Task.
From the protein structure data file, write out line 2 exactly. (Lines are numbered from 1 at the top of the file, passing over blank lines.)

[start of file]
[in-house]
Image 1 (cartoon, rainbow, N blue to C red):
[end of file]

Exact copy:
Image 1 (cartoon, rainbow, N blue to C red):